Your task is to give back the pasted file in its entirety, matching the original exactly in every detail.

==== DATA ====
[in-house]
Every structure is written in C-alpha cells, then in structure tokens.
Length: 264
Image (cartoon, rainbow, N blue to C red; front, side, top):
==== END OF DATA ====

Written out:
[in-house]
Every structure is written in C-alpha cells, then in structure tokens.
Length: 264
Image (cartoon, rainbow, N blue to C red; front, side, top):